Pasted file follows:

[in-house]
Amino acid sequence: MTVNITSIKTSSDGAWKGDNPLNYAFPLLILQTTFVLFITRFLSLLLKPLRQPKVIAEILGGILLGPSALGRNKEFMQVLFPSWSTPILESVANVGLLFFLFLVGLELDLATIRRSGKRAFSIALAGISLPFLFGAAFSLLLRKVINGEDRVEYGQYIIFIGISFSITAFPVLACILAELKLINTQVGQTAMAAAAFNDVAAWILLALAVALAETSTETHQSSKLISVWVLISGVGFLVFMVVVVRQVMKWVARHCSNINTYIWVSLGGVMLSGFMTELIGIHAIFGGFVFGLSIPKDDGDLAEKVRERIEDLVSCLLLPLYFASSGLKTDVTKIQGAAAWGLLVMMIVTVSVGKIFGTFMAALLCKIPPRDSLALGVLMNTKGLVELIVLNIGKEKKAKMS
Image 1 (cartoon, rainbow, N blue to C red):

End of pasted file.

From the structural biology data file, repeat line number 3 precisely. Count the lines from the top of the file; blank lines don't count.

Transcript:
Image 1 (cartoon, rainbow, N blue to C red):